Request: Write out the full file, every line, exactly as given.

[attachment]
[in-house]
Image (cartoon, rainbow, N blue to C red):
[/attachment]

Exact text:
[in-house]
Image (cartoon, rainbow, N blue to C red):